Disinfection of noncritical surfaces in dental clinics
The market offers many types of disinfectants with differing characteristics in terms of theireffectiveness and compatibility with materials.
In healthcare settings, choosing the right disinfectant can be far from simple. For this reason, in 1957, Earle Henry Spaulding defined the criteria for making this choice. Let’s take a look at them.
Choosing a disinfectant based on the surface: the Spaulding criteria
The criteria defined by Spaulding are based on two classifications.
The first regards the intended use of patient-care surfaces and equipment, and the second regards the degree of mitigation of the different classes of microorganism required of the disinfectant.
The intended use of patient-care surfaces and equipment
The intended use of patient-care surfaces and equipment is classified into three types:
- Noncritical – this category includes all surfaces and equipment that only come into contact with intact skin
- Semicritical – this category includes all surfaces and equipment that come into contact with intact mucosae and non-intact skin
- Critical – this category includes all the equipment that is introduced directly into the human body, blood or areas of the body that are usually sterile.
The level of germicidal activity
As regards the second classification criterion, namely the level of germicidal activity, three levels of disinfection are identified: low, intermediate and high, according to the ability to destroy vegetative bacteria, mycobacteria, bacterial spores, fungi and viruses with or without a lipid envelope.
- Low-level disinfection: a process able to destroy vegetative bacteria and some fungi and viruses, but not mycobacteria or spores.
- Intermediate-level disinfection: a process able to destroy vegetative bacteria, mycobacteria, most viruses and most fungi, but NOT bacterial spores.
- High-level disinfection: a process able to destroy all microorganisms with the exception of a high number of bacterial spores.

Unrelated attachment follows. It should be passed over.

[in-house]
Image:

Want to find out more? Find out how to prevent infections in a dental practice
Having revised the main criteria regarding the degree of criticality and level of disinfection, this article only deals with the disinfection of noncritical surfaces in dental practices and operating theatres.
Disinfection of noncritical items in dental clinics
According to the Spaulding classification system, noncritical surfaces and equipment require low- or intermediate-level disinfection to reduce the bioburden.
The noncritical items found inside a dental clinic include:
- x-ray machine cones;
- facial arches;
- whitening lamps;
- extraoral video cameras;
Treating floors, walls and furnishings
The surfaces, on the other hand, include the floors, walls and furnishings of the practice that do not come into contact with staff or contaminated instruments.
It is not necessary to disinfect these surfaces (CDC guidelines), which can simply be kept clean and washed, as for domestic surfaces (housekeeping).
The hygiene level of surfaces can be monitored using indicator strips able to detect dirt residues. These are tests that are commonly used in the food sector, as they detect protein residues above 40 BSA (the dirty/clean cut-off value established by the European Pharmacopoeia).
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